I'm always on the lookout for Zola novels. I've like the Oxford Classics but they've only published a few of his. He's not the easiest author to find.

    In any case, I hope Santa is good to you and have a blessed Christmas season!

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    1. No way!!! I'd love to read those. You saw me on Goodreads collecting all of those books about literature and the great books. I'm on a mission to read more about that type of self-education.

      I own a few similar books that I have only browsed: The New Lifetime Reading Plan, by Fadiman and Major, and Classics for Pleasure, by Dirda. It's time to read through them seriously.

      A Merry Christmas to you, too!

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    2. I bought The New Lifetime Reading Plan and absolutely hated it. You can take a look at my review on Goodreads, if you want to know why.

      Being a homeschooler, are you familiar with the Veritas Press Omnibus series? They're VERY pricey but I just love them. Their analysis of the classics works are usually bang on.

      I also own some Great Courses. I find them hit and miss if they cover a number of books but the ones that target specific books are quite good.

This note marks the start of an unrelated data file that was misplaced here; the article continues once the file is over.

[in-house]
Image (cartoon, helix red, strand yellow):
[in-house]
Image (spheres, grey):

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    3. I just read your review of NLRP. Wow! Sounds like they were mocking. I did not read the blurbs for each book, but I looked over the titles. Initially, I didn't care for how many titles and authors I never heard of or care to read. I put it aside and said, "When I exhaust every title, even numerous times, of Western-influenced classic works, then maybe I'll use this list."

      I have seen Veritas Press Omnibus series. I love their magazine and have used their book suggestions as a resource. I've also used ClassicalChristianHomeschooling.org for resources.

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  7. A great wish list. While I've pretty much completed my Dickens I would love to join you in expanding my Zola. I've read several of his, but there are many more to enjoy. I've also read many of Wells' novels but I am not familiar with the book you list. There soon will be a new year to enjoy that and more.

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    1. Thanks. I don't think A Modern Utopia is one of Wells' better works. Nonetheless, I'd like to try it.

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    2. I forgot to share my admiration for your interest in Hobbes and Mary Wollstonecraft. Those are demanding books to read.

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    3. Don't think for a second that I am not intimidated! But I certainly cannot hide my curiosity.

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  8. With an exception of Germinal, you wouldn't believe how difficult these books are to find in my area.

    Amazon?

    The Great Tradition: Classic Readings on What it Means to be an Educated Human Being - Richard Gamble and The Great Books: A Journey Through 2,500 Years of the West's Classic Literature - Anthony O'Hear

    I love books like this! Books about the Great Books! It's always fascinating to see others people's takes on the books you love, see what it meant to them, or what stood out to them. Why they think reading the great books is important.